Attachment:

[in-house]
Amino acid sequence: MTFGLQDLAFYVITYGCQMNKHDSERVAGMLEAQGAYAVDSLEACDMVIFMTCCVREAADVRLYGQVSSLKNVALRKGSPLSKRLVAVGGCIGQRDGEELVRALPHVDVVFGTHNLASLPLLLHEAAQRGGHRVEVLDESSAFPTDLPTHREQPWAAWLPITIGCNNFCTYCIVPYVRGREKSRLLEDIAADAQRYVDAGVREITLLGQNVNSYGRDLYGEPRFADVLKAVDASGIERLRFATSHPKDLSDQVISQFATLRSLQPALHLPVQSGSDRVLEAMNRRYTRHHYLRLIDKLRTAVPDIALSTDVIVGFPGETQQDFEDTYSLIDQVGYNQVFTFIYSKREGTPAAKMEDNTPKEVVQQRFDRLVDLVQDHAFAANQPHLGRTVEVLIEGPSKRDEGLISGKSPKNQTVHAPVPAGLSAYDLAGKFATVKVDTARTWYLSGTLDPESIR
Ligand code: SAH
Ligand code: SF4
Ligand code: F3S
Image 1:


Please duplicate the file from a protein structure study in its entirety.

[in-house]
Amino acid sequence: MTFGLQDLAFYVITYGCQMNKHDSERVAGMLEAQGAYAVDSLEACDMVIFMTCCVREAADVRLYGQVSSLKNVALRKGSPLSKRLVAVGGCIGQRDGEELVRALPHVDVVFGTHNLASLPLLLHEAAQRGGHRVEVLDESSAFPTDLPTHREQPWAAWLPITIGCNNFCTYCIVPYVRGREKSRLLEDIAADAQRYVDAGVREITLLGQNVNSYGRDLYGEPRFADVLKAVDASGIERLRFATSHPKDLSDQVISQFATLRSLQPALHLPVQSGSDRVLEAMNRRYTRHHYLRLIDKLRTAVPDIALSTDVIVGFPGETQQDFEDTYSLIDQVGYNQVFTFIYSKREGTPAAKMEDNTPKEVVQQRFDRLVDLVQDHAFAANQPHLGRTVEVLIEGPSKRDEGLISGKSPKNQTVHAPVPAGLSAYDLAGKFATVKVDTARTWYLSGTLDPESIR
Ligand code: SAH
Ligand code: SF4
Ligand code: F3S
Image 1: